[RFC,6/6] shiftfs: support nested shiftfs mounts

Submitted by Seth Forshee on Nov. 1, 2018, 9:48 p.m.

Details

Message ID 20181101214856.4563-7-seth.forshee@canonical.com
State New
Series "shiftfs fixes and enhancements"
Headers show

Commit Message

Seth Forshee Nov. 1, 2018, 9:48 p.m.
shiftfs mounts cannot be nested for two reasons -- global
CAP_SYS_ADMIN is required to set up a mark mount, and a single
functional shiftfs mount meets the filesystem stacking depth
limit.

The CAP_SYS_ADMIN requirement can be relaxed. All of the kernel
ids in a mount must be within that mount's s_user_ns, so all that
is needed is CAP_SYS_ADMIN within that s_user_ns.

The stack depth issue can be worked around with a couple of
adjustments. First, a mark mount doesn't really need to count
against the stacking depth as it doesn't contribute to the call
stack depth during filesystem operations. Therefore the mount
over the mark mount only needs to count as one more than the
lower filesystems stack depth.

Second, when the lower mount is shiftfs we can just skip down to
that mount's lower filesystem and shift ids relative to that.
There is no reason to shift ids twice, and the lower path has
already been marked safe for id shifting by a user privileged
towards all ids in that mount's user ns.

Signed-off-by: Seth Forshee <seth.forshee@canonical.com>
---
 fs/shiftfs.c | 68 +++++++++++++++++++++++++++++++++++-----------------
 1 file changed, 46 insertions(+), 22 deletions(-)

Patch hide | download patch | download mbox

diff --git a/fs/shiftfs.c b/fs/shiftfs.c
index b19af7b2fe75..008ace2842b9 100644
--- a/fs/shiftfs.c
+++ b/fs/shiftfs.c
@@ -930,7 +930,7 @@  static int shiftfs_fill_super(struct super_block *sb, void *raw_data,
 	struct shiftfs_data *data = raw_data;
 	char *name = kstrdup(data->path, GFP_KERNEL);
 	int err = -ENOMEM;
-	struct shiftfs_super_info *ssi = NULL;
+	struct shiftfs_super_info *ssi = NULL, *mp_ssi;
 	struct path path;
 	struct dentry *dentry;
 
@@ -946,11 +946,7 @@  static int shiftfs_fill_super(struct super_block *sb, void *raw_data,
 	if (err)
 		goto out;
 
-	/* to mark a mount point, must be real root */
-	if (ssi->mark && !capable(CAP_SYS_ADMIN))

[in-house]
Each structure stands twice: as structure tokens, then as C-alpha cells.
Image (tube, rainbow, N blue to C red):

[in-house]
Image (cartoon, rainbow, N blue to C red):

-		goto out;
-
-	/* else to mount a mark, must be userns admin */
+	/* to mount a mark, must be userns admin */
 	if (!ssi->mark && !ns_capable(current_user_ns(), CAP_SYS_ADMIN))
 		goto out;
 
@@ -962,41 +958,66 @@  static int shiftfs_fill_super(struct super_block *sb, void *raw_data,
 
 	if (!S_ISDIR(path.dentry->d_inode->i_mode)) {
 		err = -ENOTDIR;
-		goto out_put;
-	}
-
-	sb->s_stack_depth = path.dentry->d_sb->s_stack_depth + 1;
-	if (sb->s_stack_depth > FILESYSTEM_MAX_STACK_DEPTH) {
-		printk(KERN_ERR "shiftfs: maximum stacking depth exceeded\n");
-		err = -EINVAL;
-		goto out_put;
+		goto out_put_path;
 	}
 
 	if (ssi->mark) {
+		struct super_block *lower_sb = path.mnt->mnt_sb;
+
+		/* to mark a mount point, must root wrt lower s_user_ns */
+		if (!ns_capable(lower_sb->s_user_ns, CAP_SYS_ADMIN))
+			goto out_put_path;
+
+
 		/*
 		 * this part is visible unshifted, so make sure no
 		 * executables that could be used to give suid
 		 * privileges
 		 */
 		sb->s_iflags = SB_I_NOEXEC;
-		ssi->mnt = path.mnt;
-		dentry = path.dentry;
-	} else {
-		struct shiftfs_super_info *mp_ssi;
 
+		/*
+		 * Handle nesting of shiftfs mounts by referring this mark
+		 * mount back to the original mark mount. This is more
+		 * efficient and alleviates concerns about stack depth.
+		 */
+		if (lower_sb->s_magic == SHIFTFS_MAGIC) {
+			mp_ssi = lower_sb->s_fs_info;
+
+			/* Doesn't make sense to mark a mark mount */
+			if (mp_ssi->mark) {
+				err = -EINVAL;
+				goto out_put_path;
+			}
+
+			ssi->mnt = mntget(mp_ssi->mnt);
+			dentry = dget(path.dentry->d_fsdata);
+		} else {
+			ssi->mnt = mntget(path.mnt);
+			dentry = dget(path.dentry);
+		}
+	} else {
 		/*
 		 * this leg executes if we're admin capable in
 		 * the namespace, so be very careful
 		 */
 		if (path.dentry->d_sb->s_magic != SHIFTFS_MAGIC)
-			goto out_put;
+			goto out_put_path;
 		mp_ssi = path.dentry->d_sb->s_fs_info;
 		if (!mp_ssi->mark)
-			goto out_put;
+			goto out_put_path;
 		ssi->mnt = mntget(mp_ssi->mnt);
 		dentry = dget(path.dentry->d_fsdata);
-		path_put(&path);
 	}
+
+	sb->s_stack_depth = dentry->d_sb->s_stack_depth + 1;